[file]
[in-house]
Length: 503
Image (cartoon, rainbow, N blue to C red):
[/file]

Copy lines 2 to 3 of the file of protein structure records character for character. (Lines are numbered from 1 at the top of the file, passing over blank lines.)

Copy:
Length: 503
Image (cartoon, rainbow, N blue to C red):